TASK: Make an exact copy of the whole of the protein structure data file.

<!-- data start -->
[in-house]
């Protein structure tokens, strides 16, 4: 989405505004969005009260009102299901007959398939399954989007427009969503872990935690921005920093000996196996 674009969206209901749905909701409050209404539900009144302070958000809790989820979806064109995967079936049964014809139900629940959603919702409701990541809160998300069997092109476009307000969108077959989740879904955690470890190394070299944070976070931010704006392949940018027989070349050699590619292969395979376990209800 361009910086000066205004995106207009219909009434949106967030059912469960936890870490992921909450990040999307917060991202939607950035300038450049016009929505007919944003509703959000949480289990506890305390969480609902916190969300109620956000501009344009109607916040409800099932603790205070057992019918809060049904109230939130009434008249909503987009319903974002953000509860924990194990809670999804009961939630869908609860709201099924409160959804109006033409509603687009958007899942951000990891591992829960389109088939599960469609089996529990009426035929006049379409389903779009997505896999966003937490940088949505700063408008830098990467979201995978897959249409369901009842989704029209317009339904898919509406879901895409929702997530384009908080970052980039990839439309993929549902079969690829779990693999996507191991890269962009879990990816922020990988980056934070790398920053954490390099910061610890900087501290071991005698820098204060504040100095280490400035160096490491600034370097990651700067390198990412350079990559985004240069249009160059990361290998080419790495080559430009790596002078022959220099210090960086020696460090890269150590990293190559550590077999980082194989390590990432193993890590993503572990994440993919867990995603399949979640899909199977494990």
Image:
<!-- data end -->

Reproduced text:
[in-house]
């Protein structure tokens, strides 16, 4: 989405505004969005009260009102299901007959398939399954989007427009969503872990935690921005920093000996196996 674009969206209901749905909701409050209404539900009144302070958000809790989820979806064109995967079936049964014809139900629940959603919702409701990541809160998300069997092109476009307000969108077959989740879904955690470890190394070299944070976070931010704006392949940018027989070349050699590619292969395979376990209800 361009910086000066205004995106207009219909009434949106967030059912469960936890870490992921909450990040999307917060991202939607950035300038450049016009929505007919944003509703959000949480289990506890305390969480609902916190969300109620956000501009344009109607916040409800099932603790205070057992019918809060049904109230939130009434008249909503987009319903974002953000509860924990194990809670999804009961939630869908609860709201099924409160959804109006033409509603687009958007899942951000990891591992829960389109088939599960469609089996529990009426035929006049379409389903779009997505896999966003937490940088949505700063408008830098990467979201995978897959249409369901009842989704029209317009339904898919509406879901895409929702997530384009908080970052980039990839439309993929549902079969690829779990693999996507191991890269962009879990990816922020990988980056934070790398920053954490390099910061610890900087501290071991005698820098204060504040100095280490400035160096490491600034370097990651700067390198990412350079990559985004240069249009160059990361290998080419790495080559430009790596002078022959220099210090960086020696460090890269150590990293190559550590077999980082194989390590990432193993890590993503572990994440993919867990995603399949979640899909199977494990």
Image: